BTS condemn anti-Asian racism: 'We feel grief and anger'

Following the Atlanta shootings, the K-pop group shared their experiences of discrimination and called for respect and solidarity

The K-pop group BTS has condemned anti-Asian racism in the wake of growing incidents of violence and discrimination against Asian people.

The vastly influential seven-piece paid tribute to the eight victims of the recent shootings at three Atlanta massage parlours, who included six Asian women. “We feel grief and anger,” they wrote in a statement published on social media.

“What is happening right now cannot be dissociated from our identity as Asians,” they wrote.

“You, I and we all have the right to be respected. We will stand together.”

The group recounted their own experiences of discrimination. “We have endured expletives without reason and were mocked for the way we look. We were even asked why Asians spoke in English.”

They described being the targets of such “hatred and violence” as difficult to put into words, but “inconsequential” compared with recent events, among them the stabbing of a Chinese man in New York’s Chinatown last month.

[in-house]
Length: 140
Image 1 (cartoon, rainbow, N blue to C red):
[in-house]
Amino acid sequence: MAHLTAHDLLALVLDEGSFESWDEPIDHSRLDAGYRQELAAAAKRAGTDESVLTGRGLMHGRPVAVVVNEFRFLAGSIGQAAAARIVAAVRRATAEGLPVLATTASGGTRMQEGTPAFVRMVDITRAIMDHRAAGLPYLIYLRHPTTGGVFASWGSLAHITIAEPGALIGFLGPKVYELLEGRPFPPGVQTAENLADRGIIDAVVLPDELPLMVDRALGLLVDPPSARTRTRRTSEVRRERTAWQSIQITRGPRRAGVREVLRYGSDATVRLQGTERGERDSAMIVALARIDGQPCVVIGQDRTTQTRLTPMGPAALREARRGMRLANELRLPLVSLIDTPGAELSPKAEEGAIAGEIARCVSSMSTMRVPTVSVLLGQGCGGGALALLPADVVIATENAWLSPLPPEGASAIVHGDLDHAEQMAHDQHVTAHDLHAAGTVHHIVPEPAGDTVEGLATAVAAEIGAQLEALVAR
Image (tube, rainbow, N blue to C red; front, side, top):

Nonetheless, they wrote, “these experiences were enough to make us feel powerless and chip away our self-esteem”.

Last week, the Economist reported that the pandemic had sparked a rise in anti-Asian bigotry, with one quarter of Asian Americans saying that they have feared for their safety.

Nevertheless, incidences of violence against Asian Americans have often not been charged as hate crimes. The director of the FBI has said the Atlanta shootings did not appear to have been racially motivated.

Georgia senator Raphael Warnock responded at an event on 21 March: “We all know hate when we see it.”

The reach of BTS is considerable, with 34 million Twitter followers and 39.2 million Instagram followers on their official band accounts, not to mention their individual profiles. The statement has been retweeted almost 800,000 times on Twitter.

In 2018, it was reported that they were worth more than $3.6bn (£2.6bn) annually to the South Korean economy. In 2017, they were the reason why one in every 13 foreign tourists visited the country.


Laura Snapes

The GuardianTramp

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